Not only is the smoke a concern for drivers, but it's also a concern for those who live near the area where the wildfire started.
"The smoke (is) starting to come our way. It’s starting to affect our breathing a little bit, but we’re doing fine," said Duval County property owner Earl Allen, who was surveying his land Thursday after the Yellow Bluff Fire tore through about 40 acres.
Troopers will decide when I-95 will reopen, though it's unclear when that will happen.
“Smoke will get thicker throughout the evening, so good chance the interstate will remain closed," Florida Forest Service spokeswoman Annaleasa Winter said late Thursday afternoon.
What we know about the Yellow Bluff Fire
The Yellow Bluff Fire appears to be a complex of many fires, as spot-overs increase as it moves west toward I-95. West of the highway is more wilderness area -- the Seton Creek Preserve and the Four Creeks Wildlife Management Area. Though most of it is considered to be marsh and swamplands, it's not wet enough to keep from catching fire.
“What was holding water two months ago is not holding water on the surface, so those surface fuels are now exposed. They have been curing under the sun -- the hot dry sun. Low humidity cures it all," said FFS Operations Manager Mike Work. "Then once you get fire to it, it burns across the top.”
The Forest Service first reported about 3 p.m. Wednesday that firefighters were working two wildfires off U.S. 17 and Yellow Bluff Road. The north fire had been 100% contained by the Jacksonville Fire and Rescue Department. The south fire was 40% contained by the Forest Service at that time, but it burned into the marsh. Forestry officials said that fire continued to burn from U.S. 17 west to I-95 and equipment could not access the north and south edges in the marsh.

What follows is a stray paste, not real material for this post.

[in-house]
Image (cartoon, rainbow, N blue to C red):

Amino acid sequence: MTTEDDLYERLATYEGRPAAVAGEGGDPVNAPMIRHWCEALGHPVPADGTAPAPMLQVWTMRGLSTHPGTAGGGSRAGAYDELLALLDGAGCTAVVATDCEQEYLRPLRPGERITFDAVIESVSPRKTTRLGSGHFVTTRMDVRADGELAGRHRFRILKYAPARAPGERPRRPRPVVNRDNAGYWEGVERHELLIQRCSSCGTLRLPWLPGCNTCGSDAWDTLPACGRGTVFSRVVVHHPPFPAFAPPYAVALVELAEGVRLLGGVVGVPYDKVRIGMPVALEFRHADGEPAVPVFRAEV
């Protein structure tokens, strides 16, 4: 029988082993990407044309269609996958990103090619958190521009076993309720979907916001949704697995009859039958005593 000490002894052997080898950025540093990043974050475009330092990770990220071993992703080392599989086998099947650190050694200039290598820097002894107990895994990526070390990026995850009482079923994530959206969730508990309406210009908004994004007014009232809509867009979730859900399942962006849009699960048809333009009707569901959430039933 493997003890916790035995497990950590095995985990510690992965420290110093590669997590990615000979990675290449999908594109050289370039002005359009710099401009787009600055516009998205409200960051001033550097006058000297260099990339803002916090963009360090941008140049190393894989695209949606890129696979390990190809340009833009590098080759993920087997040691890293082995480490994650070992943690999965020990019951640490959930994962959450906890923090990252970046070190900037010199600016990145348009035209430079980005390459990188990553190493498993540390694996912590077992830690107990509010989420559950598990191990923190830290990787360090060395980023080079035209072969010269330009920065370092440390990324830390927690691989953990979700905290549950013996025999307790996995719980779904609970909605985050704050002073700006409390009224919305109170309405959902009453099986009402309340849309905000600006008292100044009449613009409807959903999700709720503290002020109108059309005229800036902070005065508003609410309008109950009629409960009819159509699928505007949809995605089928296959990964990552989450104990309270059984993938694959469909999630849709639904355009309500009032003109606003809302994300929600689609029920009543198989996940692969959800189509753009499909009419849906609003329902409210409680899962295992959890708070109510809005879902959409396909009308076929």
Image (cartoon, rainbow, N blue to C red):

According to the FFS spokeswoman, the fires appeared to have started near the train tracks that run parallel to Main Street, but it was too early to determine whether the fires were started by sparks from a moving train.
"It could have been something thrown out of the train. It could have been exhaust. Sometimes, it is the catalytic converter. Sometimes it’s the friction from the brakes," Winter said. "This time of year, we are going to see more human-caused fires, but people need to be very careful."
The Florida Department of Agriculture is assisting the Forest Service with the investigation into the cause.
As of about 1 p.m. Thursday, according to FFS, the wildfire was estimated at 200 acres in size, but the wildfire doubled in size -- to 400 acres -- in a span of two hours. As of 9 p.m. Thursday, the Yellow Bluff Fire had grown to 450 acres and was 30% contained.
On the ground and in the air, crews are working around the clock to contain the Yellow Bluff Fire. Forestry officials said just before 3 p.m. Thursday that dozer crews were making good progress building fire lines along the south edge between U.S. 17 and I-95. The fire continued to burn up to I-95, causing heavy smoke on the interstate and leading the Highway Patrol to close it in both directions.